He held it back and looked at me like a man looking into his own grave. “First, just answer one question. Answer it honestly, please. If you ever speak a true word in your life, it should be this one.”
I nodded. “One question.”
He stared into my eyes with an intensity that surprised me. “Would you be truly unhappy if we were married? Do you hate me as much as you say?”
I blinked. “Two questions. Do I get to choose which one I answer?”
He winced. “I already know the answer. I should not have asked. I just-...”
I sighed and looked up at him. “I do not hate you, Rigel. But I don't want to marry.”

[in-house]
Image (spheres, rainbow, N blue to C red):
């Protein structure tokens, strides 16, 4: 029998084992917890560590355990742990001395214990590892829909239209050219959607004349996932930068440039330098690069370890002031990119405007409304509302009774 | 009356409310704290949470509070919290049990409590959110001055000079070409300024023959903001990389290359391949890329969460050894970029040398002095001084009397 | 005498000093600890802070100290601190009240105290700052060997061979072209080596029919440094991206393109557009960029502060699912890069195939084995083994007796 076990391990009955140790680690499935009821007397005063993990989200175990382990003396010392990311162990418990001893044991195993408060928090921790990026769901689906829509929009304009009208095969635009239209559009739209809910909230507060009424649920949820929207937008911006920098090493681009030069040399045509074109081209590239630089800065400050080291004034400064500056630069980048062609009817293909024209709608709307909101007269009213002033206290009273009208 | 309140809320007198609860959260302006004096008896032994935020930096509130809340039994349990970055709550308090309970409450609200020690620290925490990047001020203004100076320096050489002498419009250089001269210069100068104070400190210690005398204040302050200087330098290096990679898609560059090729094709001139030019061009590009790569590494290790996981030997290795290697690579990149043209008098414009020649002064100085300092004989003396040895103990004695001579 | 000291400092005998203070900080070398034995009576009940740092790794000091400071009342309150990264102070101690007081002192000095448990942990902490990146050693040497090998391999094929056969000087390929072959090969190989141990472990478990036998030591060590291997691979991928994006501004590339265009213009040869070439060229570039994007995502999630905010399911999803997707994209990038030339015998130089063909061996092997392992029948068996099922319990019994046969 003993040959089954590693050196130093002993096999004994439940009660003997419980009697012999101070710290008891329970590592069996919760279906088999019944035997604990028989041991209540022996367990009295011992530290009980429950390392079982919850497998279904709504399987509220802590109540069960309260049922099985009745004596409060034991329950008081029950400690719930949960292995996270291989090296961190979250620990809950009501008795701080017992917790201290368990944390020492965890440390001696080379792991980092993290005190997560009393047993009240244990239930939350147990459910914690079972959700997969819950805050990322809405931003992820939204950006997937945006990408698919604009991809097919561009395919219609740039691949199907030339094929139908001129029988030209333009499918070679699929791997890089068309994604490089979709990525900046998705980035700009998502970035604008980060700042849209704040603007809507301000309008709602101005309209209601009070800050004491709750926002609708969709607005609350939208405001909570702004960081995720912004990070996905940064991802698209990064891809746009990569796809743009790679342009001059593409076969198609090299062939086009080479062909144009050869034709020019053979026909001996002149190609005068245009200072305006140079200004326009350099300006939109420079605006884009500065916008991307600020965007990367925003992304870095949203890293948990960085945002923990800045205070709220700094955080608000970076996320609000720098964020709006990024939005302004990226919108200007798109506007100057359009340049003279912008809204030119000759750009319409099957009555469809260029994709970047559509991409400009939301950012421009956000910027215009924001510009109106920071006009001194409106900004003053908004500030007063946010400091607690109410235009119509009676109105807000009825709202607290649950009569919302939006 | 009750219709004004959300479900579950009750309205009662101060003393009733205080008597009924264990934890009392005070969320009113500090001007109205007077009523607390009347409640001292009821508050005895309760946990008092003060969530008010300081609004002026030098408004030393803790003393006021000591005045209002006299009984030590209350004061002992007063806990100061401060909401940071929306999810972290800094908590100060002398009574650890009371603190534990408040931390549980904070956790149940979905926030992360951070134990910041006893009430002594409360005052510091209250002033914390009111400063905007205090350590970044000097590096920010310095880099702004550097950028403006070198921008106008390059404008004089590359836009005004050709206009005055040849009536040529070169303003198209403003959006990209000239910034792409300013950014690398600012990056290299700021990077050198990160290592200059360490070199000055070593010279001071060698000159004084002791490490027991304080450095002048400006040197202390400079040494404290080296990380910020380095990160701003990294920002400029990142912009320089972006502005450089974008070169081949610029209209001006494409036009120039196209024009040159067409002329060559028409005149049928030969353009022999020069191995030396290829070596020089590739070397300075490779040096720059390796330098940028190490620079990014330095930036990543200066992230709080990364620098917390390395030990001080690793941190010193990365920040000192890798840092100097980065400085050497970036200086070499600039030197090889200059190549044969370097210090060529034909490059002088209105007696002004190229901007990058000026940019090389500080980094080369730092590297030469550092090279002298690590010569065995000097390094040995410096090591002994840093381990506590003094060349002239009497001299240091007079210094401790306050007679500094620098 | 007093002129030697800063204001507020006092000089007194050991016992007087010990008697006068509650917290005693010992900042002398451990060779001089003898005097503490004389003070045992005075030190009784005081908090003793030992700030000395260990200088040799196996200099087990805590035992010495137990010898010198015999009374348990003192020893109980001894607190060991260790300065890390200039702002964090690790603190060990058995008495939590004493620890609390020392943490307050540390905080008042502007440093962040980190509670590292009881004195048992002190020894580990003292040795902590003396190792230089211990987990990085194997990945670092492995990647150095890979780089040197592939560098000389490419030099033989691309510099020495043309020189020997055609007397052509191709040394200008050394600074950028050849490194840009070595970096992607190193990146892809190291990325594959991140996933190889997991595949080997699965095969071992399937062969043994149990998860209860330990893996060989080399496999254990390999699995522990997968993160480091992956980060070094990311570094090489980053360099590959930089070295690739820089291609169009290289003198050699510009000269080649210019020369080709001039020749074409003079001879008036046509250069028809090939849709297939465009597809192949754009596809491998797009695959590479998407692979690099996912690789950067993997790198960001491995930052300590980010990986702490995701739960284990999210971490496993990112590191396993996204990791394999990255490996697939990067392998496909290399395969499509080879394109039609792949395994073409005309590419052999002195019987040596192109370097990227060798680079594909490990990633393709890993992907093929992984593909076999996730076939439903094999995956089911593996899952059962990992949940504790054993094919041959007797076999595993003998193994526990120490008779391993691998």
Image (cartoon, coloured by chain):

He smiled, it was a hard, humorless smile. “Sometimes I wonder if everything that you say is not designed to torture me, Rosalyn.”
“What is this about?” I asked quietly.
“Just take the note. I-....Goodbye, Rosalyn.” His voice sounded forced.
“Stop right there, Rigel. You are going to explain yourself right now. I am still not convinced that you're here for me.”
He seemed to be biting his tongue for a moment. “If I was here to steal from this family I would not have gotten caught. And I wouldn't have allowed you to stand here with a wand aimed at my heart. You know what my job is, Rosalyn. I know how to do that job.”
Rigel was the Black family spy. He was the one who snuck into castles in the dead of night to find secrets and deliver blackmail. In short, he did the dirty work that required finesse and strategy.
He was also an infamous dueler and he had a memory charm that could have confounded Merlin himself.
“Or maybe you have been caught. And this was your cover story. My knees will not turn to jelly over a flowery love letter, Rigel.”